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News • Arthoplasty

Can weight loss surgery improve knee replacement outcomes?

Could weight loss surgery before knee replacement improve outcomes or even eliminate the need for joint replacement in severely overweight patients? A study by researchers at Hospital for Special Surgery (HSS) aims to answer that question. Orthopedic surgeons often encourage obese patients considering knee replacement to try to lose weight before the procedure. The study, known as SWIFT (Surgical…

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News • Heat therapy

Soaking in a hot tub has unexpected benefits, researchers find

According to new research, obese women with polycystic ovary syndrome (PCOS) may be able to improve their health outlook with a particularly enjoyable form of therapy: regular sessions in a hot tub. The research found that soaking in a hot tub several times per week for two months results in improved measures of cardiovascular health, beneficial changes in fat tissue and other improvements…

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News • Place matters

Obesity and the "ecology of disadvantage"

Nearly 70 percent of the U.S. adult population meets the definition of overweight or obese, but a new study by University of Arkansas researchers shows the problem isn’t randomly distributed across the country. Instead, obesity is concentrated in areas with social and demographic factors that create what researchers term an “ecology of disadvantage.”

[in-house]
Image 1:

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News • Abdominal fat

For women with kidney cancer, belly fat matters

Belly fat affects the odds of women surviving kidney cancer but not men, according to a new study by researchers at Washington University School of Medicine in St. Louis. Half of female kidney cancer patients with substantial abdominal fat at the time of diagnosis died within 3 1/2 years, while more than half of women with little belly fat were still alive 10 years later, the researchers found.…

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News • A disconcerting trend

Obesity is shifting cancer to young adults

A Case Western Reserve University School of Medicine researcher has compiled evidence from more than 100 publications to show how obesity increases risk of 13 different cancers in young adults. The meta-analysis describes how obesity has shifted certain cancers to younger age groups, and intensified cellular mechanisms promoting the diseases. Cancer typically associated with older adults over 50…

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News • Is the "American Dream" slipping away?

Drugs, alcohol and suicides contributing to alarming drop in US life expectancy

Drugs, alcohol and suicides are contributing to an alarming drop in US life expectancy, particularly among middle-aged white Americans and those living in rural communities, warn experts in The BMJ. They argue that the ideal of the “American Dream” is increasingly out of reach as social mobility declines, and fewer children face a better future than their parents.

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News • Broken immune clock

Why shift work might be to blame for obesity and diabetes

About 15 million Americans don’t have a typical nine-to-five workday, and many of these—nurses, firefighters and flight attendants, among many other professions—may see their schedule change drastically one week to the next. As a result, these shift workers’ biological clocks, which keep track of the time of day, cannot keep accurate time, potentially making the negative effects of a high…